I’m now a bit further along than shown in the picture, but I haven’t yet got to the point of splashing dye around. I’ll do another update when I get there.

Another brilliant idea

I had a great idea, but not one so great that my foot fell off. Why not make a copy of the bracer in the British Museum?, I thought. It will be easy, I thought. I have the report with a nice clear drawing.

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Dalton, Antiquities Journal, Volume 2, 1922 p209

It looks fine, right up to the point where you compare it with the photograph of the real thing…

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Bracer in the british Museum. My photo. That is an awful lot of gold.

When you try to use the published drawing, you find out there’s all these little fiddles like changing the size of the spots to make it work. The height of the decorated panel is okay but the two narrow ones above it are compressed. The lettering is all over the place as well and the sides of each panel don’t line up with each other in the same way they do on the original. Oh well, I’ll have to redraw it for the next one. The photo also shows how the gilding runs.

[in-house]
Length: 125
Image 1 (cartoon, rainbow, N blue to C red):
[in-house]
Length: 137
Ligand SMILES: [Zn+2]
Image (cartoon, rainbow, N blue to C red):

The process is simple enough. Transfer your design to the leather – because this one is to be gilt and painted, I just used plain old office carbon paper.

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Straight off one of the problems becomes apparent. The pockles on the right have considerably more room than those on the left. I cut the outlines with a small straight blade as we’re predating swivel knives by several hundred years.